Some quick announcements from the Pagan blogosphere.
“Gaia’s Guardians is a loose confederation of professionals and volunteers who work on projects that benefit Mother Earth and her creatures. This is an inter-faith effort & people from all belief systems (or none) are welcome … This is a networking group for those who are already actively engaged in this sort of work. If you are new to community service, and wish to get involved, either visit Volunteer Match or write to Full Circle at firstname.lastname@example.org and we’ll try our best to hook you up with local efforts you can support.”
You can learn more about this group’s activities and history, here.
A soon to be launched web site called The Pagan Quill, promises to shine a spotlight on the best that the Pagan and occult blogosphere has to offer.
“[The Pagan Quill] is a writing project geared toward bringing the best pagan writers to the forefront of the blogging community. Pagan Quill will be a virtual environment where pagan bloggers much like yourself submit their works to be featured on the front page with hopes of getting their names out there, in the spotlight, where they deserve to be.”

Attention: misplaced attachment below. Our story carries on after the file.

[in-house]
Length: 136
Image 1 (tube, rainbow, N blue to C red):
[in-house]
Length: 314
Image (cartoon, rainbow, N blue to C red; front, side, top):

The occult group blog, Key 23, has re-launched as a occult web-zine/blog entitled Key 64 (featuring articles by Lupa, Nick Pell, and Taylor Ellwood). While New Zealand author Caroline Tully has launched a Pagan blog entitled Necropolis Now (with a focus on grave sites and death imagery within paganism).
Finally, I have launched a new blog at www.paganandoccultmusic.com to highlight and promote a new book I am working on. It will be a history of modern Pagan and occult music, hopefully to be published sometime in 2008.
“The ultimate goal of this work is to give the reader a short (yet hopefully informative) history of modern Pagan and occult music. A history that spans a nearly forty year period from the late sixties to the present day, and includes just about every conceivable musical style. We will discuss not only the musicians but also those individuals and groups that provided inspiration along the way. We will discuss the early pioneers of self-consciously Pagan and occult music, and finally, this book will discuss how all of these artists form an essential cultural component to the health and growth of modern Paganism.”
The blog will feature reviews, interviews, excerpts from the book in progress, and perhaps some legally released Mp3s for download. If you are interested in all permutations of Pagan music, why not add it to your reading list? You can also subscribe to the blog on Livejournal.